Egypt's top prosecutor has received complaints against a popular television satirist less than 24 hours after he returned to the air, as the private television station that airs his show sought to distance itself from its contents.
The complaints and the reaction of the station, CBC, highlight the low tolerance this deeply divided country has for criticism of the military and its leaders.
On Friday night Bassem Youssef, mocked the pro-military fervour gripping Egypt.
Youssef also targeted the powerful military chief, General Abdel-Fattah el-Sissi, lionised in the Egyptian media as a hero after leading a July 3 coup that ousted elected Islamist president Mohammed Mursi following massive protests.
By Saturday, at least four complaints had been filed with the country's top prosecutor, accusing Youssef of defaming the military, a judicial official said.
One of the complaints accused Youssef of using phrases that "undermine the honour and dignity of Egypt and its people" in a manner sowing sedition and spreading lies.
The official said no investigation into the complaints had yet started.
During prime time on Saturday night a broadcaster read a statement issued by CBC's board of directors in which the station sought to distance itself from the views expressed by Youssef on his show called El-Bernameg ( The Programme). The statement, which appeared to be a reaction to negative feedback from viewers and possibly officials, noted that the public's reaction to Youssef's Friday night show was "largely disapproving".
"CBC will continue to be supportive of the basics of national sentiment and popular will, and is keen on not using phrases and innuendos that may lead to mocking national sentiment or symbols of the Egyptian state," the station said. The station added that it was also committed to freedom of the media.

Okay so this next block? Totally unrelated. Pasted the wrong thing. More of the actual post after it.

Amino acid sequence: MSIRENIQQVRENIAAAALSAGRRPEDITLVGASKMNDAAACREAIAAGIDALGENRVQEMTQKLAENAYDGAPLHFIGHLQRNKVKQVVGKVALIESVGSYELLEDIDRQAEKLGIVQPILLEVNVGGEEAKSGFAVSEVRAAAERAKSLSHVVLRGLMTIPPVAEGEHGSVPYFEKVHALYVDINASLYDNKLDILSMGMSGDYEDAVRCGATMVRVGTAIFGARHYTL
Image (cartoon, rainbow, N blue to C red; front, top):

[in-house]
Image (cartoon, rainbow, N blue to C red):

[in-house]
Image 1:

During Friday's show, Youssef imitated el-Sissi's soft-spoken, affectionate way of addressing the public, turning it into a lover's romantic groove.
In one skit, a woman named "the Public" calls in to a love-advice show raving about the love of her life who saved her from an abusive husband.
Another complainant, a group called The Campaign for el-Sissi for President, alleged that Youssef had defamed the military and its leadership through sexual innuendo, according to the Youm7 news website.
Youssef used satire to criticise Mursi during his one year in office.
Morsi supporters also sued Youssef for insulting the presidency and Islam, leading to his brief detention.
Before returning to the air after a four-month absence, Youssef predicted that he would continue to be pursued legally by his new critics "who allegedly love freedom dearly - when it works in their favour".
BOMB ‘WORK OF EX-ARMY OFFICER’
An former Egyptian army officer carried out the suicide bombing last month that failed to kill the country's interior minister, a video posted online by al-Qaeda-inspired militants claims.
The incident and increasing attacks in the lawless Sinai Peninsula raise fears of an escalating Islamic militant campaign of revenge over the July 3 military coup that ousted Egypt's first democratically elected president, Mohammed Mursi, and his Muslim Brotherhood-led government.
Military officials declined to comment on the video which was posted in the name of the Ansar Jerusalem militant group, The group has carried out other attacks in the Sinai. But the video comes as security officials have dismissed one police officer over alleged ties with Islamists.
The video posted on militant websites shows a man identified as Waleed Badr, who wears a uniform with a rank of a major. He says that the Egyptian army is "bent on fighting religion" and "loves America" more than Egyptians.